“I was born at the beginning of it all, on the Red side—the Communist side—of the Iron Curtain.” Through annotated illustrations, journals, maps, and dreamscapes, Peter Sís shows what life was like for a child who loved to draw, proudly wore the red scarf of a Young Pioneer, stood guard at the giant statue of Stalin, and believed whatever he was told to believe. But adolescence brought questions. Cracks began to appear in the Iron Curtain, and news from the West slowly filtered into the country. Sís learned about beat poetry, rock ’n’ roll, blue jeans, and Coca-Cola. He let his hair grow long, secretly read banned books, and joined a rock band. Then came the Prague Spring of 1968, and for a teenager who wanted to see the world and meet the Beatles, this was a magical time. It was short-lived, however, brought to a sudden and brutal end by the Soviet-led invasion. But this brief flowering had provided a glimpse of new possibilities—creativity could be discouraged but not easily killed.
By joining memory and history, Sís takes us on his extraordinary journey: from infant with paintbrush in hand to young man borne aloft by the wings of his art.
Ages 8 and up
Madlenka's Dog by Peter Sis

Madlenka wants a dog! She doesn't really care what kind, so long as it's a dog that she can put on a leash and walk around the block. But her mother and father say NO! What is Madlenka to do? It just takes some imagination . . . Madlenka's friends on the block all play along, remembering the dogs of their childhood, and in the end it seems quite possible that there's more to Madlenka's dog than we can see. With his considerable charm, Peter Sís uses lift-up flaps and peek-through windows to bring us into Madlenka's magical world where play and fantasy make wishes come true.
Ages 4-8


Peter Sis invites readers of "Madlenka" to share his daughter's experience as she tours "the world" in her very own neighborhood proudly showing friends and shopkeepers her wiggly tooth.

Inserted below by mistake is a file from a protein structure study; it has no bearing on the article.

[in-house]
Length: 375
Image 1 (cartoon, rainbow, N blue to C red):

"Madlenka! Where have you been?" "... I went around the world. And I lost my tooth!

The energetic illustrations and the die-cuts will entice children to read on and explore Madlenka's multi-cultural New York City neighborhood.

Ages 4-


Sis' father, Vladimir Sis was a documentary filmmaker who would tell Peter, as a young boy, of his wondrous adventures in Tibet while separated from his film crew. "He told me, over and over again, his magical stories of Tibet, for that is where he had been. And I believed everything he said." Tibet was to him, "the roof of the world.

Peter Sis recaptures and pays tribute to those memories and pages from his father's diary in a rich wonderful beautiful book.
Ages 8 and older


1997 Caldecott Honor Book

In fairy tale form with extraordinarily gorgeous illustrations, Peter Sis takes us through Galileo's list of accomplishments as the first person to state that the earth is not the fixed center of the universe.

Fresco like paintings, symbols, images, mapped charts all rich in history and all in a very unusual way, yet classic.

This book will fascinate children and adults. I think, with great certainty, that Galileo himself would feel honored by this book. A work of art!

The book opens with a quote from Shakespeare:

"Be not afraid of greatness:
some are born great,
some achieve greatness
and some have greatness thrust upon them"

Ages 6 and older
Czecholslovakian-born artist/author/illustrator Peter Sis has won international recognition and acclaim for his children's books: New York Times Book Review Best Illustrated Books of the Year awards as well as Caldecott Honors.
Additional Books:
The Three Golden Keys - Woven with Czech legend, the three keys represent his (author's) journey to unlock the memory of his childhood in Prague. Beautiful story.
Follow the Dream - The Life of Christopher Columbus
Komodo - A child encounters the Komodo dragon of
her dreams. Intrigue and fascination ... both the story and art.
The Dragons Are Singing Tonight - Poems about dragons. Jack Prelutsky is the author; illustrations by Peter Sis.
"I have a dozen dragons
I bought them at the mall,
I keep them in my closet,
It's fortunate they're small"
Great Book. Kids will LOVE this !
Monday's Troll - Expands on The Dragons are Singing Tonight
Rumpelstiltskin - A classic tale. Illustrations by Peter Sis